By Erica C. Barnett
The 2023 election will dramatically reshape the Seattle City Council. Four council members are not seeking reelection, while a fifth, Teresa Mosqueda, is running for King County Council and will be replaced by an appointee if she wins. Even if all three of the incumbents who are running win reelection, the council will probably have at least five new members next year—a new majority of freshmen on a council whose most experienced members will, at most, be entering their second terms. If all eight seats turn over, it would make Sara Nelson, an at-large council member who started her first term last year, the most senior member of the council.
Debates over issues and ideology are understandably front and center in campaigns. But with eight of nine council seats up for grabs, I want to focus for a moment on an often overlooked question that impacts how the city council makes decisions and functions on a daily basis: Can these people work together? Among the current council, the answer is frequently no. At best, there’s a sense that council members aren’t talking to each other outside public meetings, which are still largely virtual. At worst, the hostility bursts out into the open—as it has during this election, when one council member, Sara Nelson, is actively campaigning against three of her incumbent colleagues.
In this setting, five—and up to eight—new council members could provide a needed reset and eliminate some of the bad blood that has built up over the past several years.
Less optimistically, an inexperienced council could leave Mayor Bruce Harrell’s exercise of executive power unchecked, allowing the mayor to push through any number of priorities that the current council has shot down—like raiding the JumpStart payroll tax, which is supposed to be spend on housing and equitable development, to pay for general city obligations.
The next council will have to get up to speed fast, because they’ll soon face challenges that are only growing in scope—from homelessness, gun violence, and addiction to a looming $250 million budget deficit that will require tough decisions and could mean significant service cuts.
To get a better sense of how council incumbents, challengers, and first-time candidates would tackle these challenges, PubliCola spoke with 10 of the 14 council candidates, representing every council district.
Two candidates—Rob Saka in District 1 and Tanya Woo in District 2—ignored our emailed requests to sit down for an interview and did not follow up after I asked again in person. One candidate, District 3’s Joy Hollingsworth, set up an interview but then canceled, and did not respond to my request to reschedule. Maritza Rivera, running in District 4, would not sit down for an interview but did provide emailed responses to written questions. And Cathy Moore, in District 5, declined my request in an email.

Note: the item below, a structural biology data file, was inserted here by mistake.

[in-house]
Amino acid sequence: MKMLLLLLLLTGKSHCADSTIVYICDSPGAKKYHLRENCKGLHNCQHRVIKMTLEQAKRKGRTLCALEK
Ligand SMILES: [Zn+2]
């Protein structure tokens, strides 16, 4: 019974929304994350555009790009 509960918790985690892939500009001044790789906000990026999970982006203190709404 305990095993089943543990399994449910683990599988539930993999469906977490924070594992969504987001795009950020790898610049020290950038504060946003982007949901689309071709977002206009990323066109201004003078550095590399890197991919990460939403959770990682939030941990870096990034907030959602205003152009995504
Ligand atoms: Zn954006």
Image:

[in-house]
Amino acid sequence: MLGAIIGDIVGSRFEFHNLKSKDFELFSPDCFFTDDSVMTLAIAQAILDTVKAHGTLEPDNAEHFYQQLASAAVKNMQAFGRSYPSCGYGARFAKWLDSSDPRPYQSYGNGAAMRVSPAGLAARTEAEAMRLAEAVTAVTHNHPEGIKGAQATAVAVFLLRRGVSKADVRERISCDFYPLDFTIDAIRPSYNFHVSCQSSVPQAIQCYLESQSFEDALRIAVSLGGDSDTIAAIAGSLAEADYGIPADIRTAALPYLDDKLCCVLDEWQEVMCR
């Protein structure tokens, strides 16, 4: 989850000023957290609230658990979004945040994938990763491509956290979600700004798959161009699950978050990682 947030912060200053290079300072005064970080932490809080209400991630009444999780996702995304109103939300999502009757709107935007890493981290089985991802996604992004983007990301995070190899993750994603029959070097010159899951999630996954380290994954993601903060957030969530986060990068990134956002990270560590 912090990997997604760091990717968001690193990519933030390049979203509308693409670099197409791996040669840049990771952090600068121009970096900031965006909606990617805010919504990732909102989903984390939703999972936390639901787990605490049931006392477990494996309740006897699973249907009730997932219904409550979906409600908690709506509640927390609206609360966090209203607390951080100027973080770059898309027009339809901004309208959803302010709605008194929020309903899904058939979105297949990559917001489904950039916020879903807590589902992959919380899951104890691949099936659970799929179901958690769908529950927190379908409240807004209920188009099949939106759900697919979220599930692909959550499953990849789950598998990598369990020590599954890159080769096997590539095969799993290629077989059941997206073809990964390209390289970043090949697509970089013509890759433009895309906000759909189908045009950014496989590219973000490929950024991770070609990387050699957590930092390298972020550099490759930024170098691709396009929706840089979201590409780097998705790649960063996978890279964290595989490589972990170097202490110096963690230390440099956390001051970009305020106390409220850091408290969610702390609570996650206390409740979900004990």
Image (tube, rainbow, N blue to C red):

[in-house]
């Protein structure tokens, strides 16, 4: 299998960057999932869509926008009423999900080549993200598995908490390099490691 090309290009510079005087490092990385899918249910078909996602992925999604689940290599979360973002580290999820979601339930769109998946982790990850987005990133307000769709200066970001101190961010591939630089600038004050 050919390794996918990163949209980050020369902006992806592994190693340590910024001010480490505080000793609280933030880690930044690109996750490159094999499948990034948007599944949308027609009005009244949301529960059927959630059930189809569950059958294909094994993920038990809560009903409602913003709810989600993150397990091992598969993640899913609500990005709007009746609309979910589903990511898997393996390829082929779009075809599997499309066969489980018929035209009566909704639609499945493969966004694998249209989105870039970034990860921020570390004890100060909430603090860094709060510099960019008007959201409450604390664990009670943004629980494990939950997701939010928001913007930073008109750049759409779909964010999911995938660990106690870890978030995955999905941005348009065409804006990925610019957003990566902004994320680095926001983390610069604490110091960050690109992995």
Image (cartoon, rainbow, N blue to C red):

The number of candidates who declined, canceled, or ignored our requests for an interview is unusual. While PubliCola isn’t shy about expressing our views on issues, that has rarely been an impediment to dialogue in the past. These candidates’ refusal to sit down for an in-depth conversation about the issues they will have to address if elected could bode poorly for transparency on the new council; in our experience, candidates who refuse to talk to members of the press they perceive as critical rarely become more tolerant of tough questions under the pressure of public office.
I’ll be rolling out interviews with the council candidates in every race over the next two weeks. I hope readers will learn more about the candidates from these in-depth conversations and use them to inform your vote. Ballots go out on October 18.
Today’s conversation is with District 4 candidate Maritza Rivera, most recently deputy director at the city’s Office of Arts and Culture and a former staffer for ex-mayor Jenny Durkan, the national Hispanic Chamber of Commerce and former President Bill Clinton. Rivera has said she decided to run for office after a shooting at Ingraham High School, where her two daughters go to school, in 2022. Rivera did not agree to sit down with PubliCola but her campaign did respond to written questions; the following is a lightly edited version of what we received.
PubliCola [ECB]: The next council will take up the SPOG contract and participate in ongoing negotiations with the police union. What are one or two specific items that will be on the top of your agenda?
Maritza Rivera [MR]: We must take accountability for law enforcement off the negotiation table in our next SPOG contract. I’m concerned with how the previous contract undermined the effectiveness of the Office of Police Accountability. The current contract limits staffing levels for investigators, puts arbitrary time constraints on investigations, and requires an “elevated standard of review” that exceeds a preponderance of the evidence in arbitration. These restrictions have the effect of preventing our department from disciplining or firing individuals and exercising agency in establishing the kind of culture and standards that match our City’s values.
“The city should develop a new therapeutic court focused specifically on addiction. Unlike the previous failed community court model, which was built on abolitionist principles of total permissiveness and zero meaningful sanctions for those who did not participate, this court should take a more balanced approach that combines incentives to seek help and treatment with some penalties for those who fail to fulfill their obligations.”
ECB: Do you believe recent revelations about specific officers’ behavior (comments by Seattle Police Officers Guild vice present Daniel Auderer laughing with SPOG President Mike Solan over the death of 23-year-old Jaahnavi Kandula; the mock tombstone found at the East Precinct) represent endemic cultural challenges at the department, and if so, how would you work to address them? If not, why not?
MR: We keep seeing unacceptable and racist behavior from some police officers in our community—even those at leadership levels. I am angry and frustrated, both for our entire city that is deeply affected by these disturbing acts, and for the many officers who share our values and whose work is undermined.